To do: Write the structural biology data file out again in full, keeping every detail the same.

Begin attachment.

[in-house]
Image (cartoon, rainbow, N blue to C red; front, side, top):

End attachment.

[in-house]
Image (cartoon, rainbow, N blue to C red; front, side, top):